"Thucydides, an Athenian, wrote this history of the war between the Peloponnesians and the Athenians, from the moment the conflict broke out, for he believed that it would be a great war and more worthy of remembrance than any that had preceded it. This belief was not without its grounds."The Peloponnesian War, one of the largest conflicts in the Greek City State era, pitted the Athenian-led Delian League (sometimes also known as the Athenian Empire) against the Spartan-led Peloponnesian League. The war can be separated into three phases: Phase One, the "Archidamian War," established the Athenian Navy as a preeminent dominant force in the sea, able to suppress dissent in its empire as well as foil Spartan invasions in the Athenian home state of Attica. This phase lasted from 431-421 BC. Phase Two saw an attempted Athenian invasion of Sicily in 415 BC, in what can only be described as an act of wanton imperialism. The war pitted Athens against the city-state of Syracuse, which was nominally supported by Sparta. In a shocking turn, the entire invading Athenian army was massacred in 413 BC, changing the tide of the war. This section of the Peloponnesian war is widely remembered to this day as an example of the disastrous results that can happen if a war is undertaken poorly or without proper justification. Phase Three, the "Ionian War," was the final phase of the conflict. The Spartans besieged Athens by land, and the Athenian Navy was unable to break the siege, though it could supply itself with grain due to the lack of a significant Spartan naval presence. With support from the Persians, Sparta began to develop a powerful navy, and it began to fight the Athenian navy across the Aegean Sea. With the Battle of Aegospotami (near modern-day Turkey) the Spartan Navy won a decisive victory over that of Athens. This defeat marked the end of the Athenian Empire, which surrendered in 404 BC.
Tropes as portrayed in fiction:
- Athens and Sparta: The Trope Maker and Trope Codifier as the two city-states which were formerly allied during the Greco-Persian Wars launched into a hegemonic struggle for all of "Hellas", with the two civilizations being paired eternally as contrasts, with Athens being, as Pericles noted, "the School of Hellas" while the Spartans were a warlike bunch of semi-barbarians. Of course the histories we have come entirely from Athenians. It is often forgotten that history is not so generous to the Athenians, what with Alcibiades Running Both Sides, Xenophon being an Athenian who fought for Sparta and more or less wrote about how rad they were, and the most famous section in Thucydides dealing with Athenian brutality.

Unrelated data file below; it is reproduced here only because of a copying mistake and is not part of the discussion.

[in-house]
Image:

- Obligatory War-Crime Scene: The Melian Dialogue deals with Athenians sacking and destroying Melos, to Make an Example of Them by invoking Don't Make Me Destroy You and warning them that Resistance Is Futile.
- War Is Hell:
- It was at this time that the first antiwar plays were made; Lysistrata is the one that has stood the test of time.
- Some parts of Thucydides' "Peloponnesian War" also stick in the mind, e. g. the war of Athens against Melos (featuring the famous "Melian dialogue") which ended with the Athenians killing all adult male Melians and selling the women and children into slavery.
Depictions in fiction:
- The Acharnians
- Thucydides' History of the Peloponnesian War is one of the first modern analyses of a war. He died sometime before the end of the war, so it doesn't cover the last few years, but nevertheless, it's usually accepted as a nice (generally) unbiased version.
- Empire Earth has the war during its Greek campaign. The mission consists first of getting your citizens inside the walls, surviving a plague, getting food from allied cities, defending allied cities, and defeating the Spartans.